I’m sure there are plenty of others out there who are equally frustrated.
Yet I’m thankful that I’ve known, and learned from, hundred of Americans and Canadians who’ve been struggling daily to place their feet in the sand where the man from Nazareth has trod. This carpenter became a refugee as an infant, learned from the people of the book about compassion and caring for the least among us. Later his teaching frequently exemplified the behaviour of foreigners, untouchables and the unclean rather than those who had been brought up soaked in “10 words”.
So where am I going with this? We need to continually discern what we hear and see and decide what is authentic and what is counterfeit. And this applies equally to every area of life, not just faith. Politics in the US and the UK over the last couple of years has given too loud a voice to the counterfeit. We need to be constantly aware and, as the carpenter once said, be wise as serpents and innocent as doves.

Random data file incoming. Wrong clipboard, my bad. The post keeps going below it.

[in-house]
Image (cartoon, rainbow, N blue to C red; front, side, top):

- Too much false information and lies were presented before the first referendum. (e.g. £350m a week to fund the NHS). In a court of law any conviction based on false information would lead to the conviction being regarded as unsafe resulting in a re-trial.
- Probability of illicit use of personal data during the campaign by Cambridge Analytical/Russia etc. http://www.netimperative.com/2018/04/facebook-on-trial-we-made-mistakes-on-brexit-and-trump-campaigns/ https://www.facebook.com/theneweuropean/videos/1486687361443030/
- Probable gross illegal overspending of campaign funds by Leave campaign. http://metro.co.uk/2018/03/25/brexit-vote-leave-campaign-totally-illegal-whistleblower-claims-7414779/.